Among the eligible subjects, 371 thyroid cancer cases (299 papillary carcinomas, 15 follicular carcinomas, 12 anaplastic carcinomas, three medullary carcinomas, 42 carcinomas NOS or other) in the tumor registry catchment area were identified as a first primary during the follow-up period between 1958 and 2005. Crude thyroid cancer rates increased markedly with radiation dose among those exposed as children or adolescents and were higher for women than for men (Table 1). Fitted baseline rates generally increased with increasing birth year (p < 0.001) and were significantly higher for women than for men (p < 0.001). After allowing for radiation effects, AHS participants had higher baseline rates than non-participating counterparts (p < 0.001), with larger differences in younger birth-cohorts (p = 0.04). This is likely due to increased detection or awareness of cancer-related conditions among AHS subjects because the routine biennial health examinations do not include ultrasonography or other screening procedures to detect thyroid nodules.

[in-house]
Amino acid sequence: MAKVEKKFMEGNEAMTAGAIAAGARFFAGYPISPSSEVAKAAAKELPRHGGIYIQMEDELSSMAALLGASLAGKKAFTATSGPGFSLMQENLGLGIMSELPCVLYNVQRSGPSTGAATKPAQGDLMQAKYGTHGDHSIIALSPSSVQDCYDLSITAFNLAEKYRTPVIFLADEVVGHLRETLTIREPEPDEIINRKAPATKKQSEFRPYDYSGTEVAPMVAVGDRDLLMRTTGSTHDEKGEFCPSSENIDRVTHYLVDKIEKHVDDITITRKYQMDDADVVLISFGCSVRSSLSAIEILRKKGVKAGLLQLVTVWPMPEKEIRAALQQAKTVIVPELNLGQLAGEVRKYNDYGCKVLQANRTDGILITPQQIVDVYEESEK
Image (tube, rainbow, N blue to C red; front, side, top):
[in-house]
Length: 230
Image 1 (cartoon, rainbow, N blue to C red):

Based on a linear dose–response model with effect modification by age-at-exposure and attained age, the gender-averaged ERR and EAR at age 60 after exposure at age 10 were estimated as 1.28 (95% CI: 0.59–2.70) per 1 Gy weighted dose and 29.5 (13.8–49.6) cases per 100,000 person-year-Gy weighted dose, respectively. Figure 1 shows the fitted linear dose response (solid line) with non-parametric estimates in dose categories with 95% CIs under the ERR model. The fitted linear EAR dose response and points were similar in shape to those of ERR. Both the ERR and EAR significantly and rapidly decreased with increasing age-at-exposure by 53% (p = 0.03) and 70% (p = 0.002), respectively, per decade increase in exposure age. Allowing for the modifying effect of age-at-exposure, the ERR tended to decrease and the EAR to increase with increasing attained age, in proportion to age to the power −1.27 (p = 0.15) and 1.03 (p = 0.11), respectively. The EAR for women was significantly higher than that for men, with a female:male ratio of 6.3 (p = 0.001), while the ERR sex ratio was smaller and not statistically significant (2.0; p = 0.30). There was no significant dependence of the ERR on AHS participation (p = 0.23). There was a suggestion of a flattening of the dose–response at higher doses based on a model with a linear-exponential dose response (p = 0.07, the dashed curve in Fig. 1) but no evidence against linearity when the analysis was restricted to those with dose <2 Gy (p = 0.44). The estimated lowest dose range with a significant linear ERR was 0–0.2 Gy weighted dose (p = 0.02) with no evidence of a threshold level (p > 0.5).